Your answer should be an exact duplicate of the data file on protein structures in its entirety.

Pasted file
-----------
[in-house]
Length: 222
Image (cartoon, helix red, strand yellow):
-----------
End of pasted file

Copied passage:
[in-house]
Length: 222
Image (cartoon, helix red, strand yellow):